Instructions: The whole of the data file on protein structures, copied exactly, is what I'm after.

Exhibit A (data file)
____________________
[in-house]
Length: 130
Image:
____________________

[in-house]
Length: 130
Image: